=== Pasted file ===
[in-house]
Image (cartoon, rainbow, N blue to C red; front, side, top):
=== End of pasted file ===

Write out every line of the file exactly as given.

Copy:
[in-house]
Image (cartoon, rainbow, N blue to C red; front, side, top):